Critical Chicken
Best ofFeatureGuideTuesday, 6th July 2021 by

A deep dive into the Nintendo Switch (OLED model)

It’s not the Switch Pro we expected, but it’s pro(ish)

An official promotional image for the Switch (OLED) model

It turns out the fabled “Switch Pro” was real after all! …Kinda. Nintendo’s new, catchily-named Nintendo Switch (OLED model) is launching on 8th October, and is set to bring a whole heap of upgrades to the party, including a larger, brighter screen, more storage, and a way better kickstand.

But there’s no 4K, Ultra-HD, super-duper-whizzy high-refresh-rate gubbins, no new design for the Joy-Cons, and no performance boost.

So, who exactly is this for? Should we be looking at this as an “upgrade”, or is it better suited to the last few holdouts who still haven’t bought a Switch? Let’s pick apart everything we know about the new model, and see if we can’t figure it out.

It’s bigger and heavier, but not by much

At 102 × 242 × 13.9mm with the Joy-Cons attached, the OLED model is just a smidge taller than its daddy (239mm tall), although both models are the exact same thickness (28.4mm). The OLED Switch is slightly heavier too, at 420g with the Joy-Cons attached, vs. 398g for the OG Switch. That 22g difference is roughly the weight of 12 playing cards (that’s seriously the best comparison I could come up with), so it shouldn’t put too much extra strain on the ol’ wrists.

Three people playing with the three current models of Nintendo Switch

Compared to the Switch Lite (275g), you’re looking at about a baseball’s worth of extra weight.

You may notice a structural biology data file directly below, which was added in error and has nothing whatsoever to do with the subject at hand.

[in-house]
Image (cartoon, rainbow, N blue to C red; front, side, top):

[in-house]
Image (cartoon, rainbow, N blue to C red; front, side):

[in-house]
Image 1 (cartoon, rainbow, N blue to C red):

The screen is bigger and (probably) better, but not higher-resolution

The new slimmer bezels mean the OLED model’s screen is about 13% larger than the one on the current Switch. And the OLED technology should mean it’s brighter, crisper, and more colourful, with better contrast and blacker blacks.

An off-screen photo of Splatoon 3 running on the Switch (OLED model)

Two caveats, though.

One: It’s still a 720p display. Like the 3DS XL before it, and the DSi XL before that, you should be expecting to see every pixel. A “Retina Display”, this is not.

And two: There are good OLED display panels, and there are bad OLED display panels. We’d better hope Nintendo has shelled out for some good-quality screens. Otherwise we can expect to see issues like “blue shift” (a distracting blue tint that appears when you’re looking at the screen off-axis), “black crush” (whereby dark colours appear black, rendering some details invisible in dark scenes), and “black smear” (where brightly-coloured moving objects appear to leave behind “trails” on black backgrounds).

There’s always burn-in to consider, too: unless Nintendo has done some special software wizardry (the OLED iPhones dynamically dim specific pixels after they’ve been lit for a long time), the HUD from our favourite games might end up being the HUD for, um, all our games.

The new Switch model looks gorgeous with its matching white Dock and Joy-Cons

Speaking of which, the TV output is still capped at 1080p and 60fps, but you can mix and match Docks if you want ~Switch Multiroom~

Although the long-rumoured 4K output didn’t happen this time, Nintendo says you can use the OLED Switch in an original Switch’s Dock, and vice versa. The original Switch can even make use of the ethernet port in the new Dock! So anyone who upgrades will be able to use their Switches on multiple TVs. Which is neat.

The OLED and LCD Switches can also share Joy-Cons, which is great, terrible news